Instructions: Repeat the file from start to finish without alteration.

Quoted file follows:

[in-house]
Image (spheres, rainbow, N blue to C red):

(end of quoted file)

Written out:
[in-house]
Image (spheres, rainbow, N blue to C red):